e-tat / digital wasteland

Monday, June 19, 2006

A Fenciful, Fencival Charrette

Prunings Twenty-One
Affencive design:
Apropos fifty fences, perhaps Kenna would be interested in snow-draped fences along the USA-Mexico border. Some ten million of them would fit in the 1,951 mile stretch. One suspects, however, that these little snow fences are not what planners have in mind. The New York Times sees it differently, and asked ten designers to come up with alternatives to the sheet metal and wire standard. (Thanks, as always, to Anne)

This is reasonable, given the cost estimate for extending the existing style of fence, some forty billion dollars. If the State Departments figures are pertinent, the standard fence will equate to 60 days worth of cross-border trade. But how much of that can be diverted to pay for the project? Perhaps the smart alternative is to get the fence to pay for itself. A couple of respondents to the NYT indicated as much. But I suspect that they have barely scratched the surface of what it might mean to develop a national barricade as a self-sustaining economy. For one, it might be necessary to expand the permiter to include the boundary region, and think more comprehensively about how that might be affected, and integrated into the design.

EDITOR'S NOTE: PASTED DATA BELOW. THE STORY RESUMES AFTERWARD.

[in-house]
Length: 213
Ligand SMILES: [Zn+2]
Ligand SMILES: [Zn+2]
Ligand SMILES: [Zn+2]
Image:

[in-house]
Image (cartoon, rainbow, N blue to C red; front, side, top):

So perhaps it's time to open a design charrette for constructing a national boundary. Something more sustained than that of the NYT charrette, some on-line studio for the presentation and consideration of design functions and elements. How might such a thing get started? Have any design schools taken it up already? Through a competition to design a 1,951 mile long carpet, perhaps?

Of Design and Diplomacy?